The so called “taxpayer bill of rights,” which slashed jobs and services for years in Colorado is making new appearances in both Washington state and Maine.

The labor movement is warning that the push for a “taxpayer bill of rights” in both those states is just another radical right maneuver that, in the name of imposing a “tax cap,” actually limits what state and local governments can spend on services for their residents.
In Colorado the sizes of school budgets were reduced drastically when a “taxpayer bill of rights” was adopted several years ago.

In Washington state and in Maine unions have joined with a wide range of environmental, civic and other groups to denounce the right-wing initiative, labeled I-1003.

Right-wing, Republican and conservative groups in Washington are rounding up financial support for the initiative and hoping to use fear of the economic recession to garner support for it, according to labor activists.

Kathy Cummings, communications director for the Washington State Labor Council, says unions are jumping into the battle with a full fledged education effort.
A fact sheet issued by her council says the “taxpayer rights” initiative “would cost Washington jobs, jeopardize our families’ safety, and undermine our schools, transportation, health care and basic public services.”

The I-1033 ballot proposition would limit funds for state, county and city governments by imposing an arbitrary cap on state funding, based on population growth and inflation. Labor leaders point out that the caps that are imposed have nothing to do with what the level of need for services might be at any given moment. “It would make it illegal to spend more than what was spent in the previous year on schools, police, fire protection, roads, libraries, parks, hospitals and other essential services,” the council’s fact sheet notes.

The state federation also notes that, “by imposing the cap when revenue is down due to recession, the initiative would lock in thousands of layoffs among teachers, nurses, fire fighters, police, road maintenance and other public service workers.” Economists say there would be a ripple effect that causes additional private sector job losses.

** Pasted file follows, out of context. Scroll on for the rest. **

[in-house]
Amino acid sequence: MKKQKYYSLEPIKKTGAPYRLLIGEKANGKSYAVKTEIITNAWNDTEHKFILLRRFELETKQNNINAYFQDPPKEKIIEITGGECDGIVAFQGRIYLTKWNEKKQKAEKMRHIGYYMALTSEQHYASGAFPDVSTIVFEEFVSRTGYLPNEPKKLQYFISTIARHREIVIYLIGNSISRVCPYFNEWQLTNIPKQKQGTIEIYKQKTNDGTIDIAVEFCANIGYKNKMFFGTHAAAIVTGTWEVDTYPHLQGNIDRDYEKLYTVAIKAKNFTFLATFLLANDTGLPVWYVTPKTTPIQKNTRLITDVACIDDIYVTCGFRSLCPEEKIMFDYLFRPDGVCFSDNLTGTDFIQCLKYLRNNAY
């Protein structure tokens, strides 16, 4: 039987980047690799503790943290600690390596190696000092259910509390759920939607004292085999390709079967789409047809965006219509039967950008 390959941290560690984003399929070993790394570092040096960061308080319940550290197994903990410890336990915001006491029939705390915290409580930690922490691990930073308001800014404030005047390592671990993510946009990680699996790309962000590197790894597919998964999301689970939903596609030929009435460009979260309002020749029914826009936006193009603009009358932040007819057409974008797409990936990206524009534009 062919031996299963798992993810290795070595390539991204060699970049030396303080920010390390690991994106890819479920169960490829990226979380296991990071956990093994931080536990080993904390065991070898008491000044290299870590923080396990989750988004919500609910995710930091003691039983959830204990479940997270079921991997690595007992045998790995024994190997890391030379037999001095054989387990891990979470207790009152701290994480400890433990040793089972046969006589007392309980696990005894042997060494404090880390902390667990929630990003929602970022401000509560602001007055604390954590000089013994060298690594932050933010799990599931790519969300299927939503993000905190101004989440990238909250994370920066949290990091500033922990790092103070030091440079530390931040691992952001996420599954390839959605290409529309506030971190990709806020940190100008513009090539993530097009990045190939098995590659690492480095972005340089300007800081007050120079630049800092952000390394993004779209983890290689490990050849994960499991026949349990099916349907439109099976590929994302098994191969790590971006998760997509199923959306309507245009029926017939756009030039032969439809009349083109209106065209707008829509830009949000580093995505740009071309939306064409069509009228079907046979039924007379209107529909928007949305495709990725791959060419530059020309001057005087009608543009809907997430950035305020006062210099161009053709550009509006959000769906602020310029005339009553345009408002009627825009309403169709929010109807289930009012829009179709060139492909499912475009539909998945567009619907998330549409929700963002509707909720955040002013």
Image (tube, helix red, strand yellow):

Many who manage to hold onto their jobs would nevertheless suffer unpaid leave, furloughs and pay cuts, the federation says.

Essentially the same fight is taking place in the state of Maine where voters defeated a “taxpayer rights” initiative in 2006.

The right wing has brought it back again and the Maine AFL-CIO is holding information and training sessions for union members as part of an effort to build a movement against the measure.

“If this were to be enacted,” said the Maine federation in a statement, “it would hurt workers, undermine public safety and threaten public services and our social safety net.”





John Wojcik
John Wojcik

John Wojcik is Editor-in-Chief of People's World. He joined the staff as Labor Editor in May 2007 after working as a union meat cutter in northern New Jersey. There, he served as a shop steward and a member of a UFCW contract negotiating committee. In the 1970s and '80s, he was a political action reporter for the Daily World, this newspaper's predecessor, and was active in electoral politics in Brooklyn, New York.